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The Missing Piece in Retirement Portfolios

We're advised early on in our adult lives to put money aside for retirement. Roth IRAs, Traditional IRAs, 401K and 403b savings accounts, pension plans, supplemental pension plans...they come in all varieties do retirement accounts, and our deposits into these plans are often matched in varying degrees by our employers. It's a win-win proposition. Missing in this wise counsel, however, is any reference to our physical well-being and the importance of "saving" for that as well. What good is fiscal health once we reach our chosen retirement age if our physical health is compromised...or worse, bankrupt?

Take note - the average life span in the United States is 77 years while the average health span is 66 laps around the sun. Do the math. So, if you retire at the chronological number designated by the federal government as "full retirement age" (66, as a reminder), then the probability that your health and well-being will retire along with you is quite likely. But it doesn't have to be this way.

There's a vast difference between one's chronological age and one's biological/fitness age, and the latter is heavily influenced by the lifestyles we choose to "invest" in - including in our early adult years. As much as we attribute our growing aches and pains as we age to the "inevitable" price we pay for each passing year, we're fooling ourselves when we use this excuse. Moreover, many of us point to our inherited genetic makeup for what may ail us. In neither case are we correct.

More accurately, our sedentary lifestyles - sitting at our desks all day in front of computers, ordering our meals online to be delivered, subcontracting out lawn mowing and snow shoveling - and eating more processed foods are the major contributors to premature aging. With forty-percent of adults hovering in the obesity range and more teetering on the edge of it, we've come to normalize unhealthy behaviors. And this is the primary reason for our average health span maxing out at 66. As for DNA, we can control gene activation and deactivation through our epigenomes. How? By the lifestyles we choose to adhere to in our lives.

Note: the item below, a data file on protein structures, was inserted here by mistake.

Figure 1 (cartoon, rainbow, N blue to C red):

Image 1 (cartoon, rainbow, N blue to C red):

The single most important investment you can make to your "retired physical self" is physical activity. Any kind is helpful, but much like the varied investment options you can (and should) choose from in which to place your money, the same holds true with how you choose to invest time and energy in your own health and well-being. A varied approach to exercise, one that includes aerobic AND anaerobic conditioning (the latter described as exercise that "takes your breath away"), strength conditioning, mobility training, and flexibility, is the most effective way to "save" for your best self in your retirement years. Walking by itself is not enough, nor is any one kind of exercise. A balanced portfolio of exercises will deliver the best results.

The earlier you begin doing this, the more compound interest you accrue in the form of muscle strength and cardiovascular conditioning. Likewise, you collect compound interest in developed musculature in that muscle burns calories in a resting state. Fat doesn't. One more note - free weights are so much better for you than are the machines. The latter guide the weight through the planes of motion while free weights require you to do this on your own. The latter is much more functional and adaptable to real life situations. If necessary, hire a personal fitness coach for a few sessions to teach you how to lift properly. It's a wise investment.

Think of the gym as an investment bank and choose to invest your time and energy in the various options available rather than going to the same cardio machine each time...or just walking...or just cycling...or just jogging. Aim to get better returns on your time and energy investments than the lowly bank rates that one and only one exercise approach delivers. In doing so, you'll be simultaneously making solid deposits to your future self. And, unlike fiscal investments that you can't draw on until you reach retirement, the investments you make in your physical well-being will deliver benefits today and in your future years.

Invest in yourself for the long term.

For a more detailed explanation, go to

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